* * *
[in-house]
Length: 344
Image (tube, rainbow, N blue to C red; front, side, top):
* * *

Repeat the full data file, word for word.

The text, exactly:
[in-house]
Length: 344
Image (tube, rainbow, N blue to C red; front, side, top):